You want a CSM who is innovative and flexible. They’ll not only need to problem-solve issues related to customers, but also use those skills in designing customer success processes that scale.

Additionally, a CSM needs to be able to dig deeper and find out what the root cause of a feature request is. A creative problem solver may have alternate solutions to the root issue that don’t involve product management and development of a new feature, so one of the questions below provides candidates an opportunity to address that.

Related questions:
– “Have you ever had to discuss a feature request or bug with your product team? How did you determine requirements and assess the need to escalate that specific request or bug to the product team? What was the outcome?”
– The best way to see how an applicant will problem solve an issue is to role-play and put them in uncomfortable situations with a “customer”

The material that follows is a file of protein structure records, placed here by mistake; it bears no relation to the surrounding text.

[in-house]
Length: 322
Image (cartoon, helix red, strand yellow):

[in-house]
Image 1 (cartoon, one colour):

– An angry customer demanding a refund
– A customer asking for a discount
– A customer making a feature request & becoming frustrated that there hasn’t been more movement on making the feature request a reality

Positivity / Passionate

Attitude goes a long way! When identifying potential CSM hires, look for someone who is truly passionate about helping customers succeed. The ideal candidate is someone who feels real satisfaction from delighting customers. Passion can translate to a CSM who searches out innovative ways to inspire customer loyalty.

“Positivity is about the language you use to communicate with your customers. Subtle differences in word choice can make a huge difference in the way a customer perceives a support transaction,” explains Markidan.

Related questions:
– “What types of problems are you most eager to solve?”
– “If we did not offer you this job, which other jobs are you interested in / applying for?”
– “Tell me about a time you went above and beyond for a customer. What was the outcome?”

Technical Expertise

Similar to experience, many in the industry listed this skill as less important than some of the other skills and traits listed in this post. Most feel that technical expertise can be taught more easily than some of the other traits we’ve discussed.